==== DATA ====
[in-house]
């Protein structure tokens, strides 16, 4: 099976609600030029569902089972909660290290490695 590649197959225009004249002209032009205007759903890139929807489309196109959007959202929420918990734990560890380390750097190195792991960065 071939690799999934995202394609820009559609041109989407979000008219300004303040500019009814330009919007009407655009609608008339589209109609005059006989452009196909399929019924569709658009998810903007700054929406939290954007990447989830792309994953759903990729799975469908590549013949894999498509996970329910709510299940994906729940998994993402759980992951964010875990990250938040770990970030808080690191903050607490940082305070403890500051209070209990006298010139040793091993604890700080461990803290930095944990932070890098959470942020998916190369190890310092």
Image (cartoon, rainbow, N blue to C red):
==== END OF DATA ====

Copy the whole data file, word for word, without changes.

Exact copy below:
[in-house]
């Protein structure tokens, strides 16, 4: 099976609600030029569902089972909660290290490695 590649197959225009004249002209032009205007759903890139929807489309196109959007959202929420918990734990560890380390750097190195792991960065 071939690799999934995202394609820009559609041109989407979000008219300004303040500019009814330009919007009407655009609608008339589209109609005059006989452009196909399929019924569709658009998810903007700054929406939290954007990447989830792309994953759903990729799975469908590549013949894999498509996970329910709510299940994906729940998994993402759980992951964010875990990250938040770990970030808080690191903050607490940082305070403890500051209070209990006298010139040793091993604890700080461990803290930095944990932070890098959470942020998916190369190890310092």
Image (cartoon, rainbow, N blue to C red):